My response to women who tell me that they've only done this small thing, that they've only hit this one goal, that they've only eaten well for 95% of the time is always the same. When they come to me in confession mode, afraid to say that on Tuesday they didn't drink enough water and on Wednesday they only walked half a mile instead of pushing themselves to walk a mile, I say the same thing. When they believe they have failed because they turned off their vibration plate after only five minutes once or broke their self-imposed intermittent fast 45 minutes early, I say the same thing. Look how far you've come. And baby steps are still steps.
There are many, many women who have lipedema that truly believe they are broken and fragile, weak and lazy. These same women are meticulous about what they eat, and stick to their nutrition plans in a way that would rival world class athletes. While gritting their teeth through the pain, they do multiple therapies a day for their lipedema tissues while also taking care of families and holding down jobs. They smile while they're hurting at those around them who need encouragement and carry out tasks when normal humans would be in bed. These are women who get up every day and exercise knowing they will look in the mirror and probably see little change, but they are fighters, so they do it. The truth of it is, women with lipedema are some of the strongest, most self-disciplined women I have ever met. And yet they give themselves very little credit, and a lot of heartache, for all they're doing.
Self-care for lipedema involves many, many things and these look different for different women. Someone else's self-care doesn't need to be your self-care and you don't need to rate yourself according to another person's scale. Instead of berating yourself for failing to be a carbon copy of another woman or achieving an ideal in your head, why not try celebrating whatever step forward you took today? It doesn't really matter if the step you took is a baby step. It matters that you took the step.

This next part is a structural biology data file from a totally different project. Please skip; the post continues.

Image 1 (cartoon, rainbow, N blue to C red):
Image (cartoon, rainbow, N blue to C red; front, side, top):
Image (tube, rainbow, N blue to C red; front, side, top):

What do those steps look like in real life? Maybe you've never really drank enough water and today you did. Maybe you've struggled with taking the supplements that you know help your lipedema body but they are finally part of your routine and you haven't forgotten all week. Maybe you just sat on the floor and played with your child or grandchild and got up again. Maybe you cooked a meal for someone you love. Maybe you stood on a beach in a swimsuit and cared more about the view in front of you than whether or not someone liked how you look. Those are all moments you can appreciate and celebrate and every acknowledgement of those steps is important.
Your health isn't just the state of your physical well-being. If you are constantly telling yourself that you are failing, that you aren't enough, that you must try harder, while ignoring all those tiny steps that add up to the amazing things you're actually doing, your mind is listening and your body is responding. Who else do you know that spends the time, energy, and effort taking care of themselves in the way that you do? The fact that your lipedema has decided not to cooperate with what you are doing to better your health doesn't negate the equally important fact that you are doing it!
Negative self-talk is not self-care and we need to change the narrative we constantly feed our minds. Of course self-care is all those things you do, but it is also a process of retraining so speak to yourself and about yourself in a different way. When you begin to do that, you start believing that you are worthy of self-care and when you know you are worthy of self-care you see the significance of every step you take to manage lipedema. You may look back and realize that all those steps you thought were baby steps were the ones that made the difference.
For more on this topic, you can watch the live I did for Lipedema Awareness in April Sluder's group, Lovely Lipedema ladies here: https://www.facebook.com/groups/1809280765764148